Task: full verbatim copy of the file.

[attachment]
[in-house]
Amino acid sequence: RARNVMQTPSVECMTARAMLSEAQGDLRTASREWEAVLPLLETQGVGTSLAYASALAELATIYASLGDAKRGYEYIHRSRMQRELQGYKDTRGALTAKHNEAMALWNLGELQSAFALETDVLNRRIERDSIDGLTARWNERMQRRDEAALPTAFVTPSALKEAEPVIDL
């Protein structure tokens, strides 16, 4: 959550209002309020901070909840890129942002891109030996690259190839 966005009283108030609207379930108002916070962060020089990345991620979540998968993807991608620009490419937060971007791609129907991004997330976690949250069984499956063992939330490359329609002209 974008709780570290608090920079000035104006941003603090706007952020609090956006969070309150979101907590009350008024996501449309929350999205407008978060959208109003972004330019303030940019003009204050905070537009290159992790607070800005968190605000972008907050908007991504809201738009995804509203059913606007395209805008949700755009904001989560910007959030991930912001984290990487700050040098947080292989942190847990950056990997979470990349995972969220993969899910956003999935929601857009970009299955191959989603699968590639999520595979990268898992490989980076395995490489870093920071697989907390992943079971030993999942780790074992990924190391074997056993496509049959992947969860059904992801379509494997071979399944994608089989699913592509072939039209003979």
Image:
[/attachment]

[in-house]
Amino acid sequence: RARNVMQTPSVECMTARAMLSEAQGDLRTASREWEAVLPLLETQGVGTSLAYASALAELATIYASLGDAKRGYEYIHRSRMQRELQGYKDTRGALTAKHNEAMALWNLGELQSAFALETDVLNRRIERDSIDGLTARWNERMQRRDEAALPTAFVTPSALKEAEPVIDL
């Protein structure tokens, strides 16, 4: 959550209002309020901070909840890129942002891109030996690259190839 966005009283108030609207379930108002916070962060020089990345991620979540998968993807991608620009490419937060971007791609129907991004997330976690949250069984499956063992939330490359329609002209 974008709780570290608090920079000035104006941003603090706007952020609090956006969070309150979101907590009350008024996501449309929350999205407008978060959208109003972004330019303030940019003009204050905070537009290159992790607070800005968190605000972008907050908007991504809201738009995804509203059913606007395209805008949700755009904001989560910007959030991930912001984290990487700050040098947080292989942190847990950056990997979470990349995972969220993969899910956003999935929601857009970009299955191959989603699968590639999520595979990268898992490989980076395995490489870093920071697989907390992943079971030993999942780790074992990924190391074997056993496509049959992947969860059904992801379509494997071979399944994608089989699913592509072939039209003979």
Image: